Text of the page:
On July 6, 2018, the Wisconsin Supreme Court ruled that Marquette University breached its contract with a former professor after he lost his job over a critical blog post in which he wrote about how an instructor and graduate student handled a classroom discussion. The decision determined that the school breached its contract with professor John McAdams that guaranteed academic freedom and concluded that he be immediately reinstated. The Associated Press reports that the university will comply with the ruling.
McAdams wrote the post in 2014 and sued the university in 2016, arguing that he was let go for exercising his freedom of speech. The blog post criticized an instructor that he believed shut down a classroom debate against gay rights because she said it may be offensive to some students in the class.
Marquette University claimed that McAdams was not fired for the content of his post, but rather because he named the instructor and linked to her personal website which included identifying information. As a result of the post, the instructor received hateful messages and threats, required a security guard stationed outside her class, and moved to another university to complete her studies.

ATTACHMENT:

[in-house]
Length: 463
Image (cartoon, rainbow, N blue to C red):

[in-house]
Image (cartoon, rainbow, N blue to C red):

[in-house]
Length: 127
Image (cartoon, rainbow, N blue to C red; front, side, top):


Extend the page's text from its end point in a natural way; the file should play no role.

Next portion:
The majority ruled that the blog post and McAdams can’t be held responsible for the harassment against the instructor.
Last year, a circuit court sided with Marquette, saying the professor should not have publicized the student by name and that the university had the rights to punish him. The Wisconsin Supreme Court reversed the ruling.
Justice Rebecca Grassl Bradley wrote in a concurring opinion in the decision:
Associated Press Inside Higher Ed Forbes John McAdams vs. Marquette University
“I write separately because academic freedom, and concomitantly, free speech, is increasingly imperiled in America and within the microcosm of the college campus. A broader discussion of the significance and meaning of academic freedom will benefit universities who contractually extend academic freedom to professors, as Marquette did, as well as courts across the nation tackling these issues.”